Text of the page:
Sometimes, the simplest solutions are the best

August 2nd, 2007 by

I was investigating a bug in the renewal calendar, and I went to our version control system and loaded what I thought was the obvious file to edit.

Then I saw

### WARNING ###
### WARNING ###

and remembered that in this particular instance, I meant to edit a different file.

Had I not left that note for myself and the other programmers in the UK2 team, the consequences would probably have been grisly. The progression typically goes something like this:

  1. Make a change to the code.
  2. Test the changes.
  3. Realise that nothing appears to have changed.
  4. Eyeball the code to make sure that you haven’t typed something stupid.
  5. Satisfied that everything looks like it should work, add some debugging tests to try and pinpoint the point where things fail.
  6. Reload the page, and realise that you still have no idea why this isn’t working.
  7. Grit your teeth, muck about with hidden fields, and generate a URL that you can feed to the debugger, and step through the code line by line, looking for the point where everything goes tits up.
  8. Swear at the computer as the code behaves as planned.
  9. Then realise that the code you’ve been looking at is not the code that the webserver is using.
  10. Curse at the loss of 30 minutes or so of productive energy, and internally vow that your next job will be a contracting job where you can bill that last half hour as “Stress-testing the version control system under development conditions” or some other nonsense.

A colleague of mine at my previous job had a similarly simple solution to a complex problem. We had a number of servers in the office, and a single KVM (keyboard, video and mouse) switch hooked up to them. It was possible to switch the keyboard and monitor independently, which lead to some confusion and mix-ups. (Also the mouse, but these were pretty hard-core Linux servers, so the mouse was pretty much useless.)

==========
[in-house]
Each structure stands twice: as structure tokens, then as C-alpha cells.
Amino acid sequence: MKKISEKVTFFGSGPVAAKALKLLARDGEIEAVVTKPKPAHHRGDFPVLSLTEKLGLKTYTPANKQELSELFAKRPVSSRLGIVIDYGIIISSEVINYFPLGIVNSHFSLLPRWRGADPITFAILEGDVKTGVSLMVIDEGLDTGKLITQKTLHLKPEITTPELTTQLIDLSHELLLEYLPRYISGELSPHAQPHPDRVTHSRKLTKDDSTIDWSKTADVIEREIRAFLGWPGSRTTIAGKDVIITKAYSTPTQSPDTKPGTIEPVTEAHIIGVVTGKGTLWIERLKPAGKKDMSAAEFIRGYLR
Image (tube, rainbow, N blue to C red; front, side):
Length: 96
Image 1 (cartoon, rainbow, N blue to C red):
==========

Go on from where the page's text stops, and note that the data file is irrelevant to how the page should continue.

The solution was to add a couple of lines of DYMO tape to keyboard and monitor.

Keyboard: “Are you typing where you’re looking?”
Monitor: “Are you looking where you’re typing?”

For similar reasons, a friend of mine from ages ago who was into lucid dreaming, had a card in his wallet that said “Am I dreaming?” The idea was that he’d see it many times per day, and therefore get into the habit of asking himself that question – and eventually he’d ask himself that question when he actually was dreaming. And then, I dunno, start flying, breaking the laws of physics or whatever you do when you’re lucid dreaming.

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# 7th August, 2007

I’m commenting here, because it is such a great post, and you should know it has been read!
So I’m not the only one who sticks bits to keyboard and monitor, thank goodness. Keep up the good work Sam – site is looking good!

# 11th August, 2007

As IanK said; great post.

We have a bunch of machines in our server room connected to a KVM. Nothing like powering off the wrong machine to make you put stickers on the machines with their names on them.

Stickers, notes, all simple.

And don’t forget the mantra;
Nothing is so smiple that it can’t get messed up
smiple is an intentional typo 😉

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